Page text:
“If ye love wealth better than liberty, the tranquility of servitude than the animated contest of freedom, go from us in peace. We ask not your counsels or arms. Crouch down and lick the hands which feed you. May your chains sit lightly upon you, and may posterity forget that you were our countrymen!” – Samuel Adams

Service of the Coast Guard

American Minute from William J. Federer

“To sink the foe or save the maimed, Our mission and our pride, We’ll carry on ’til Kingdom Come, Ideals for which we’ve died.” Thus went the original anthem of the US Coast Guard, which was established AUGUST 4, 1790, when Congress authorized ten boats to be built for the Revenue Marine.

Four years later they were charged with stopping slave-traders from bringing new slaves from Africa. The U.S. Coast Guard freed almost 500 slaves.

President Herbert Hoover stated December 27, 1929: “A further proposal…is the definite expansion of the Coast Guard…in the matter of border patrol.”

On June 1, 1945, President Truman listed casualties of the Battle of Okinawa: “Navy and Coast Guard losses were 4,729 killed and 4,640 wounded.”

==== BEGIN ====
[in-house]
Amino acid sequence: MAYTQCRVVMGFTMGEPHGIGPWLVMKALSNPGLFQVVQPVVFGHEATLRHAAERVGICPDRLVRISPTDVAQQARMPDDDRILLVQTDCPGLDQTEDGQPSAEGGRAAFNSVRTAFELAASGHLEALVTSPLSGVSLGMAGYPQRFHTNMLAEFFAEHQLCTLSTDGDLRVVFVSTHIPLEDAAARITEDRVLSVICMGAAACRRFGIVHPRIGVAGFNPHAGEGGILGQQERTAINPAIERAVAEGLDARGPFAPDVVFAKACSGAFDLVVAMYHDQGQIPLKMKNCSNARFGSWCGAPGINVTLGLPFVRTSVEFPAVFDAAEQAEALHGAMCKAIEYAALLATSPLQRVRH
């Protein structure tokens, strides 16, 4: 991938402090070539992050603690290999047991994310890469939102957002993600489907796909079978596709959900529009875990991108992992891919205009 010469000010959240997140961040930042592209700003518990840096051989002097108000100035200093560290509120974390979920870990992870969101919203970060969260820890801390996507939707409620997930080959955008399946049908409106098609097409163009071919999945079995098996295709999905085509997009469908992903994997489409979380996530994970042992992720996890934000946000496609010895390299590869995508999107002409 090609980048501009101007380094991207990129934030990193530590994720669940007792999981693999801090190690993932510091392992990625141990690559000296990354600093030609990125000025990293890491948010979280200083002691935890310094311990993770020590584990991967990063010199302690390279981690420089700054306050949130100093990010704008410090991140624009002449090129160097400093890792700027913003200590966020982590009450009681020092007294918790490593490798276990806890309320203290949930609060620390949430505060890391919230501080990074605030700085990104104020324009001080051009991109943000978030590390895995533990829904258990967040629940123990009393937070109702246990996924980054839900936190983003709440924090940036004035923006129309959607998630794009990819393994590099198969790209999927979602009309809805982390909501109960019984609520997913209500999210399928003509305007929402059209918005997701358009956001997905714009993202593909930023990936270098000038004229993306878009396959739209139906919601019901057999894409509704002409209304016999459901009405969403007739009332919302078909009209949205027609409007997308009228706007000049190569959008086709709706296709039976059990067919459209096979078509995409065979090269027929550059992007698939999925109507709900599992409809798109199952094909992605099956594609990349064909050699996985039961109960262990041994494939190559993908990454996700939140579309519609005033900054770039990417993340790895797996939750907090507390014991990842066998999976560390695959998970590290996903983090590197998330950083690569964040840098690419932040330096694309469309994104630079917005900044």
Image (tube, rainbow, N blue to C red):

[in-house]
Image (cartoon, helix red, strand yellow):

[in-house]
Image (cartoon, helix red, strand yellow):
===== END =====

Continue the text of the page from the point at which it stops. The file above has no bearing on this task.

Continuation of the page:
At the U.S. Coast Guard Academy in New London, September 20, 1952, Truman stated: “I was just reading…about the Coast Guard’s icebreaker that has been closer to the North Pole than any other ship in delivering food and supplies to a station up there…That, my young friends, is what makes this country great.”

At a US Coast Guard commencement, May 18, 1988, President Reagan stated: “It’s our prayer to serve America in peace. It’s our commitment to defend her in war.”

William J. Federer is a nationally recognized author, speaker, and president of Amerisearch, Inc, which is dedicated to researching our American heritage. The American Minute radio feature looks back at events in American history on the dates they occurred, is broadcast daily across the country and read by thousand on the internet.


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